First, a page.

Guest Contributor | Jul 3, 2019 | 0
Picking the best ideas
In the previous two articles I reviewed the issue of coming up with great ideas – the source of innovation. Now that the organisation has generated lots of great ideas, you realise that you do not have the capacity to implement all the ideas, and you will have to choose the top ideas to make the best use of scarce resources. This is an issue which all organisations struggle with, finite capacity is the reality for all of us.
So, in this article, I want to address two issues about evaluating ideas: How to deal with evaluating lots of ideas and how to actually evaluate the ideas.
Before jumping into evaluation techniques, a quick side comment first: When people submit ideas as part of your innovation efforts, please make sure that each and every one gets feedback on what is happening with their ideas. Nothing kills an innovation drive quicker than getting everybody all hyped up and people submit their great ideas – never to be heard of again by anybody.
Even if it is the bad news that a person’s idea was not chosen, the fact that somebody made the effort to read and the review the idea, sends the message that everybody’s contribution counts and is appreciated.
Having said that, take into consideration that sometimes, depending on which method you use, it might be that you will have to evaluate lots of ideas. I’m not talking about five or ten ideas, I am talking about hundreds of them.
I have seen idea campaigns with organisations in Namibia where over a hundred ideas have been submitted for one challenge.
This means that you will have to have systems, processes and resources in place to deal with such quantities of ideas. Reading, understanding and evaluating over a hundred ideas takes time and effort!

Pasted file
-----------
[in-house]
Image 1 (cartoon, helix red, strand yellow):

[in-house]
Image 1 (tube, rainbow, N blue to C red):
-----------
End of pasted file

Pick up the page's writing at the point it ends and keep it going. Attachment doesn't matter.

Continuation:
A practical way of dealing with lots of ideas is to first “cluster” the ideas that are more or less the same and then summarize it into one single idea.
It is a reality that there usually are lots of “me too” ideas and in adding them together, the evaluation load is lightened. Another sound practice is to have an unbiased, objective evaluation team in place.
Don’t lay the responsibility of evaluating hundreds of ideas on one person alone. If you have an evaluation methodology in place, and it is applied consistently, a team can quickly run through a long list of ideas.
In order to get to the best ideas, you will also have to apply certain filters to sort the wheat from the chaff. Ideas are not usually submitted in their “finalized” version, meaning that an idea is usually tinkered with and more details are added before it actually gets turned into an action plan with resources, activities, a budget and a schedule. Once it gets to this stage, the “formal” evaluation techniques such as net present value, break-even, return on investment, etc. can be applied. What I want to deal with here are techniques for efficiently and effectively getting to the best ideas, when still in their “raw” form.
To be objective, you will have to set criteria against which the ideas must be evaluated. It will differ depending on the industry and specific context, but to do a first cut evaluation, I like the method of Paul Sloan, called the FAN method.
Are you a FAN of the idea? Is it feasible? Is it attractive? Is it novel? It is a good start and you can add other criteria as well, depending on the context, i.e. such as does it solve a problem that is relevant and important to a customer; or does it cut costs, remove a significant barrier or create a significantly different capability? If an idea can pass all of these questions, it has a strong chance of success.
Now that the top ideas have been chosen, the hard part of innovation starts, putting the ideas into practice. Coming up with ideas is the fun part, but in order to realise the idea’s potential it has to be implemented, and the harsh truth is that execution is where most innovation initiatives fail. So next time I want to look at the discipline of execution. I conclude with a quote from Winston Churchill: “True genius resides in the capacity for evaluation of uncertain, hazardous, and conflicting information”.